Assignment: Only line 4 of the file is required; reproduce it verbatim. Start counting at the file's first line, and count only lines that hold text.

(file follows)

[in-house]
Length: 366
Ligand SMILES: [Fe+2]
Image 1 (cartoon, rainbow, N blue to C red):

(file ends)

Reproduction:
Image 1 (cartoon, rainbow, N blue to C red):